WE are quite appalled at the news that the country's prisons are bursting at the seams with 87,000 inmates trying to fit in a space meant for only 27,451. This is a horrendous figure and it speaks loudly of the existing conditions as far as jail administration, maintenance of discipline and order, upkeep of physical environment and constant supply of utilities are concerned. A front page news item in this daily on Saturday says that the number of prisoners nearly doubled in a decade while the authorities failed to grapple with the problem by increasing the physical space to accommodate the growing number of inmates.
The conditions of the jails across the country, packed as these were with under-trial prisoners, took a turn for the worse after 1/11 when hundreds of people were picked up and detained in various prisons. One estimate says that the number of inmates increased sharply to 90,000 from 65,000 by the year-end. This no doubt put the administration into disarray, especially when inmates were forced to sleep in shifts and wait in long queues to use bathrooms. Water scarcity and lack of other basic facilities reportedly exacerbated the existing malaise. The other fallout of a crowded jail is criminalisation of the young under-trial prisoners in the hands of the hardened ones when they have to live under the same roof for years together.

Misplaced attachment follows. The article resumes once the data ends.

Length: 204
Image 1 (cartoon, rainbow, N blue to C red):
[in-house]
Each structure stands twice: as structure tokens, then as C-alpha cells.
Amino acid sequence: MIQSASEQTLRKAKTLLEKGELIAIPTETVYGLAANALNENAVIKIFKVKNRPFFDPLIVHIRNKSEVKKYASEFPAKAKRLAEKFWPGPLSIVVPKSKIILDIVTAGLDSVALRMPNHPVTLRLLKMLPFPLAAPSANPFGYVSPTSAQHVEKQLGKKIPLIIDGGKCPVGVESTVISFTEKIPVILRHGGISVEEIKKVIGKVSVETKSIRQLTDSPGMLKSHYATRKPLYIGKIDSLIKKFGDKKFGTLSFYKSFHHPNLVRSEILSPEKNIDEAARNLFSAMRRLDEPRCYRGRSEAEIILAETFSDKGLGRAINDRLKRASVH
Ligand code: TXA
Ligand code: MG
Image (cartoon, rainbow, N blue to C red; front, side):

We understand there is no alternative but to construct more prison houses and renovate and expand the facilities in the existing ones to accommodate the growing number of inmates. But, it surprises us to learn that while the situation is so grave the planned relocation of the Dhaka Central Jail to a more spacious location at Keraniganj is being delayed because of bureaucratic tangles. The shifting of the central jail to its new location would provide the old part of the city a much-needed breathing space. Basically, we strongly feel the present legal system needs to undergo reforms so that trials of the prisoners can be completed quickly and justice delivered without loss of time. In no way prisoners must be subjected to inhuman conditions in the prisons, which would be tantamount to denying them their fundamental rights. Surely, being in prison does not mean one's rights have been stripped off. We hope the relevant authorities would take immediate measures to improve the conditions inside the prisons of the country.